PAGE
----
Thursday, September 3, 2015

The Evolving Role of Independent Educational Consultants, Part 2

Times change.

Recent events, both large and small, have hammered this point home for me these last few months.  On the positive side, it cost me a few less bucks to fill my gas tank yesterday than it did a few weeks ago; but that joy was quickly squelched when my eldest daughter’s college tuition bill came due. 

For those of you who are followers of Loeta and consistent readers of this blog, you know that we pride ourselves on our ability to change with the times.  Our last blog was all about the changing demographics of our clients, and before that we have spoken about changes in programming and schools as well.  Throughout all of this change one thing remains consistent; the product that we are delivering, however if one were to look at the delivery method today versus 5 years ago one would see a marked difference.

Whether it be more flexible contract lengths, more a-la-carte services being offered, an emphasis on case management, or more effective use of video conferencing and social media; more so than ever the overall trend is that educational consultants must look at each case individually, work with the clients and meet the clients where they are (both literally and metaphorically) as opposed to the older model of generating lists and doing straight placement.

When speaking with families I tell them that with 25 years experience, and literally hundreds of site visits and clients during that time, when it comes to the schools and programs - I am indeed the expert.  Conversely they have raised their child, changed diapers, mended skinned knees, and been there through the good times and bad; therefore they are the experts when it comes to their child.  I let families know I depend upon their expertise, and that as a team we will find the best possible academic and/or emotional environment for their at-risk loved one.

So yes, times have changed.  While many lament at the fact that we can’t buy a new car for $5,000 or home for $50,000, I prefer to embrace the fact that we now have so many more options; newer and better ways to communicate and deliver information, a wealth of research and education when it comes to new modalities of treatment and a society which is finally embracing the fact that different doesn’t necessarily mean bad.

Now If I could just do something about that college tuition bill…

Thursday, April 30, 2015

The changing face of Educational Consulting

So here we are, yet again.  After taking advantage of a few opportunities to work in direct care the last few years, we are so very excited to be back to our roots of educational consulting and therapeutic placement. Now that we are back full-time and taking clients, it seems an opportune time to (re)ask ourselves the tough questions; how has the field of educational consulting changed? Are we staying on top of the trends? And most importantly, how can we serve our families, more specifically our clients, better?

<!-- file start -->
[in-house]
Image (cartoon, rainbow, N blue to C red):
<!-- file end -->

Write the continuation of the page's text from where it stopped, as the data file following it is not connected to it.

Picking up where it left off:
Certainly we have tweaked the delivery of our services these last few years; For example, we no longer do placement only but we also now offer case management services, which is unique in our field.  Also, as many of you know we are one of the few educational consulting firms which is firmly entrenched in the addiction world.  In this capacity we with a network of interventionists, short and long term residential programs and sober living homes to assist our clients whose primary struggle is addiction.

All that being said, when looking back over the data from these last five years, one statistic comes through loud and clear.  Yes, the adolescent market is still the lion's share of our practice but the young adult market, and all its complexities, is an ever growing aspect of our consulting practice.  As a profession we have seen this coming down the pipeline for a while now.  All one needs to do is to ask an IEC who does therapeutic work what is the biggest trend they have seen over the last 5 years, and almost universally one will hear it's that their clientele has gotten both older and sicker. 
Certainly those on the programming end of things have seen this trend for a while now, and have expanded their services accordingly.  For example, many wilderness programs and residential programs now offer a young adult track to augment the fine work they already do. One only needs to go back a few years when options for the 18-25 year old whose primary diagnosis was not substance related were few and far between.

Simultaneous to this phenomenon of program expansion, there has been an explosion of age-specific programs for young adults recently.  Having spent the better part of the last year working directly with young men in recovery, we feel we are well educated on the trends in the addiction world and have positioned ourselves well to take advantage of the opportunities out there for families who are struggling.   With this new knowledge base, Loeta will be in a strong position to serve families well along their entire journey. 

We look forward to hearing from you about how Loeta can assist you and your families.